I originally planned to make a set of PCBs for this project based on an ATTINY44 and a 443mhz rx/tx pair. However, after messing up the first set by misreading a pin and having to remake them. I realized that while its not particularly difficult for me to make a set of PCBs that's a capability not everyone has, particularly one with SMD soldering. I was choosing to complicate the project in a way it did not need to be complicated. Not only that, with my PCB you could only control one flamethrower at a time. While I'd never simplify a project of mine to the point it loses any functionality just so its easier for others to follow I realized I was actually giving up usability for the sake of complexity. So from there on I switched to using an off the shelf rx/tx pair and gained a lesson to watch out for unnecessary complexity for the sake of making something "custom".
Step 4: Servo Pinion
In order to have the best possible fit (which isn't actually necessary for this project, but good practice) I have come up with the following method to install the pinion. Its worth mentioning that the pinion is slightly undersized, which allows for an extremely tight fit but makes it next to impossible to get on with any other method.
- Screw the M3 10mm screw into the hole of the pinion until it bottoms out.
- Manually screw the screw protruding out of the pinion into the servo's hole, stopping just as the edge of the pinion touches the top of the servo's shaft.
- Using an Allen wrench twist the screw while keeping the pinion (and therefore servo) stationary. Since the action of screwing in the screw doesn't cause that much friction the servo should not turn and the pinion will begin to slide over the servo shaft.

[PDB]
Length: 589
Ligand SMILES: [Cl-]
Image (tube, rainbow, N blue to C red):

Congratulations! You just used one of the size basic simple machines (a screw) to gain enough mechanical advantage to compress a 3d printed piece onto a servo shaft without risking the rest of the servo.
Step 5: Install the Piston Plunger
The method I originally used to install the piston plunger is as following:
- Align the plunger with roughly where you want it to be at its maximum stroke.
- Set the servo to its maximum position.
- Add hot glue to the bottom of the servo.
- Slide the pinion into position on the plunger's rack and press the servo into place, allowing the glue to secure it.
Don't do this. After my first attempt I realized there's a far better method.
- Trim the servo to its absolute maximum position.
- Glue the servo in place.
- Set the plunger on top of the pinion.
- Reset your trim to zero.
This not only gives you access to a wider ranger of possible positions but is far easier to do.
Step 6: Soldering the Tip
This step controls the size and shape of your flame. Depending on how you let air interact with the gas as it comes out of the nozzle you can tune the flame height, width, and even temperature. I chose a tall, skinny flame for my purposes but the sky is the limit. It is worth noting that some flame shapes aren't compatible with the pilot light method and may need a electric igniter. More details in the "extra commentary" section at the end.
This step can be done one of two ways.
This method is fairly straightforward to those who know how to pipe solder
- Clean and flux both copper pieces
- Heat the joint with a blow torch
- Apply the solder to the joint, using the metal to melt the solder rather than the blowtorch.
As you can see from the video i accidentally nicked the solder with the blowtorch, dripping a big blob onto the joint. This isn't a huge deal but isn't good form.
3D Printed Version: